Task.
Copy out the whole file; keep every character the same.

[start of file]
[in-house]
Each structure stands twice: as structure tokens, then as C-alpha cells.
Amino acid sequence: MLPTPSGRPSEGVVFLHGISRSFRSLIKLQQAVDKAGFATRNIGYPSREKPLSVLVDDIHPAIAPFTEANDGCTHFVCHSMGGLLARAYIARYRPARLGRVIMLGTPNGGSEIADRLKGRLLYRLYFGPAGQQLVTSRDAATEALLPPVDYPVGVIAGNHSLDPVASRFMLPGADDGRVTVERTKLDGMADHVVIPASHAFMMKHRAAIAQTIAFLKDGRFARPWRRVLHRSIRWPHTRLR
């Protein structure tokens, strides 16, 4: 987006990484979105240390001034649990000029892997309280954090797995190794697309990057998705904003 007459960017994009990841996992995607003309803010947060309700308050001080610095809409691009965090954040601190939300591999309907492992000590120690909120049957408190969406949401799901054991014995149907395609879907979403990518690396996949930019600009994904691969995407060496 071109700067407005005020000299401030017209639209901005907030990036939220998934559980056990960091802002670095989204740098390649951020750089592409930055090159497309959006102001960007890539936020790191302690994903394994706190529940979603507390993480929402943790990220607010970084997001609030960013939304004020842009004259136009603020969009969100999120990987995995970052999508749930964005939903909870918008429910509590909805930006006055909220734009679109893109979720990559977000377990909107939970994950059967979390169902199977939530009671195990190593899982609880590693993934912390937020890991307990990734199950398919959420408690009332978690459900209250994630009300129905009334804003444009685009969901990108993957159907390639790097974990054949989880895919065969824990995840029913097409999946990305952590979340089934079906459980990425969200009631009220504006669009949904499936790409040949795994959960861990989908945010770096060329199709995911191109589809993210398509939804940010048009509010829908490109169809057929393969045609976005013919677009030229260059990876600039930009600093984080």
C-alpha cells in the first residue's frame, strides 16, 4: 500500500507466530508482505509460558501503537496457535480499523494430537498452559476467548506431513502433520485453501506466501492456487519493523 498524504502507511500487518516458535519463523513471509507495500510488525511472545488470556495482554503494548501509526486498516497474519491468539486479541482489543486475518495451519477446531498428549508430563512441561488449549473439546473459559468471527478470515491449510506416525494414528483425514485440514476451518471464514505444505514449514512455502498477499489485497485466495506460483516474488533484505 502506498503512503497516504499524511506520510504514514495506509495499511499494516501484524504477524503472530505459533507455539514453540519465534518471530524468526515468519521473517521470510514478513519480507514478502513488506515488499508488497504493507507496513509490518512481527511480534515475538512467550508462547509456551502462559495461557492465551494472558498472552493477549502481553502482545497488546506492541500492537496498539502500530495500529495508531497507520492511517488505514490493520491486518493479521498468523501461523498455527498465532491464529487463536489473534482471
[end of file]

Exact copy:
[in-house]
Each structure stands twice: as structure tokens, then as C-alpha cells.
Amino acid sequence: MLPTPSGRPSEGVVFLHGISRSFRSLIKLQQAVDKAGFATRNIGYPSREKPLSVLVDDIHPAIAPFTEANDGCTHFVCHSMGGLLARAYIARYRPARLGRVIMLGTPNGGSEIADRLKGRLLYRLYFGPAGQQLVTSRDAATEALLPPVDYPVGVIAGNHSLDPVASRFMLPGADDGRVTVERTKLDGMADHVVIPASHAFMMKHRAAIAQTIAFLKDGRFARPWRRVLHRSIRWPHTRLR
């Protein structure tokens, strides 16, 4: 987006990484979105240390001034649990000029892997309280954090797995190794697309990057998705904003 007459960017994009990841996992995607003309803010947060309700308050001080610095809409691009965090954040601190939300591999309907492992000590120690909120049957408190969406949401799901054991014995149907395609879907979403990518690396996949930019600009994904691969995407060496 071109700067407005005020000299401030017209639209901005907030990036939220998934559980056990960091802002670095989204740098390649951020750089592409930055090159497309959006102001960007890539936020790191302690994903394994706190529940979603507390993480929402943790990220607010970084997001609030960013939304004020842009004259136009603020969009969100999120990987995995970052999508749930964005939903909870918008429910509590909805930006006055909220734009679109893109979720990559977000377990909107939970994950059967979390169902199977939530009671195990190593899982609880590693993934912390937020890991307990990734199950398919959420408690009332978690459900209250994630009300129905009334804003444009685009969901990108993957159907390639790097974990054949989880895919065969824990995840029913097409999946990305952590979340089934079906459980990425969200009631009220504006669009949904499936790409040949795994959960861990989908945010770096060329199709995911191109589809993210398509939804940010048009509010829908490109169809057929393969045609976005013919677009030229260059990876600039930009600093984080």
C-alpha cells in the first residue's frame, strides 16, 4: 500500500507466530508482505509460558501503537496457535480499523494430537498452559476467548506431513502433520485453501506466501492456487519493523 498524504502507511500487518516458535519463523513471509507495500510488525511472545488470556495482554503494548501509526486498516497474519491468539486479541482489543486475518495451519477446531498428549508430563512441561488449549473439546473459559468471527478470515491449510506416525494414528483425514485440514476451518471464514505444505514449514512455502498477499489485497485466495506460483516474488533484505 502506498503512503497516504499524511506520510504514514495506509495499511499494516501484524504477524503472530505459533507455539514453540519465534518471530524468526515468519521473517521470510514478513519480507514478502513488506515488499508488497504493507507496513509490518512481527511480534515475538512467550508462547509456551502462559495461557492465551494472558498472552493477549502481553502482545497488546506492541500492537496498539502500530495500529495508531497507520492511517488505514490493520491486518493479521498468523501461523498455527498465532491464529487463536489473534482471